It was quite a sight. On Saturday US Postal trucks streamed into the parking lot by Neighbor-to-Neighbor’s food pantry housed out of Christ Church.
Neighbor to Neighbor Executive Director Nancy Coughlin said the food drive comes at a critical time. It’s almost summer and not only is that traditionally a time food pantries run low, but more children are home at lunch time.
“We stock up on lunch items like tuna and peanut butter and jelly,” Coughlin said of the May “Stamp Out Hunger” project. “We do buy some food to supplement donations in the pantry, but this goes a long way toward keeping our food bills down.”
While dozens of volunteers worked non stop unloading trucks and sorting donations of food that arrived in yellow plastic bags provided by Kings Markets. Last week the bags were placed in residents’ mailboxes. On Saturday, residents filled the bags with non-perishable, non-expired food items and left them out for the letter carriers.
All afternoon the Postal Service trucks arrived laden with food donations. Waiting for them was a barbecue manned by more volunteers. In fact, Coughlin said the volunteers included children from schools including Greenwich High School. “We have a group from St. Pat’s Church in Armonk,” Coughlin said. “And Eileen Bartels whose kids’ sports teams organize too.”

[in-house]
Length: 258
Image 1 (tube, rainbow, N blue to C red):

There were other students working toward their bar mitzvahs, bat mitzvahs and confirmations.
The operation on the east side of town functioned as a satellite, with a U-Haul stationed in Old Greenwich. Later in the afternoon, the U-Haul transported a jumbo load of donated food to Neighbor-to-Neighbor’s food pantry.
Each week Neighbor-to-Neighbor’s food pantry provides nutritious food at no cost for 1,000 Greenwich residents, half of whom are children.
Neighbor-to-Neighbor is located at Christ Church, 248 East Putnam Ave in Greenwich.